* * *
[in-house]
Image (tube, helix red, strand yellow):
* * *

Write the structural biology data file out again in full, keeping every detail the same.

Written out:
[in-house]
Image (tube, helix red, strand yellow):